I officially started to run again last March 1. I have procrastinated too long on my training plan and have been on hiatus from a structured training program for so long. I regularly still do Crossfit and runs only when I feel like running. (or when I have overcome finding an excuse not to run!)
I reached the track at 6:30 am and I have to meet a friend for breakfast at 7:30am. That means, I only have 30 minutes to run. I started slow then tried to run faster. I haven’t even reached a kilometer when I started to think of quitting. Then I realized, I drove to the track. Mahal ng gas! After two kilometers, I went out and ran outside until I’m done with 30 minutes plus 5 minutes. It feels so great running again!
After Friday’s workout at Crossfit where we did 21-15-9 repetitions of Kettlebell swings, burpees over bar and push press, I decided to stay and watch the next class at 6:15. With enough time, I can still run a 5kilometer outside the box. Each round was a struggle. I would always think of cutting the run short and going inside the box every time I pass the guard house. I won though, I finished another five kilometer of run at about 5:45mpk pace.
I was struggling with my slow and short 30 minutes run. To those who have been reading my previous posts and to my friends, this really wouldn’t sound like a sharing coming from me.
30 Minutes is easy given my fitness level. As they say, it’s the mind which gives up first, not our physical body. I think I need to go back to the basics and train my mind again.
Here’s what I always do to keep myself focused when I run; whether it’s a speed workout, tempo run, long run, race or easy runs:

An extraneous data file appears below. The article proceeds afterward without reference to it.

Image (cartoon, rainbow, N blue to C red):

I always think positive and believe in myself
I always try to think positive before I start my run. On long runs, I always look around and try to take pictures in my mind of the places we pass by. This takes away the pain of running further. On speed workouts and races, I already have a feel if I could meet my goals or not as I start. Whenever I start with a positive feeling about meeting my goals, I nail it! Whenever I start with a negative feeling, it turns out crappy. In my case, I don’t proceed with the speed workout if I don’t feel good. If it’s a race, I either set my expectations lower or just declare a DNS and sleep. The key is to decide that you’ll do it and believe.
I imagine and fantasize
I always do this. On training runs, I imagine myself crossing the finish line and seeing the timer displaying my actual goal finish time of xxxx ;). It gives me a reason to push myself more. On a race (especially my goal race), I imagine the painful training days I have endured. If I nail a 3:40 for my Yasso which killed my legs then, why cann’t I do it this time. I imagine myself crossing the finish line. On easy runs and I am doing it by myself, I take advantage of the ‘me time’ and reflect on practically everything and anything in my life.
Running gives me more time to pray. On short speed intervals, I start with a short “Lord help me” and end with an “Oh my God, Thanks!”. On long runs, I treat it us my time to meditate. On my ultramarathon races, I feel like having one long prayer time. Sometimes, all I can utter is “Lord, help!” repeatedly. There are runs though where I am too focused in my run and do not really pray as I do run. I trust though that God is with me every time I run and that “I can do all things through Christ who strengthens me”.
I have to start training again. The road to BDM 160 beckons, from a 30 minute run to a 30 hour cut-off in January, I shall start to train my mind today.
Did I just declare I’ll really do it na?!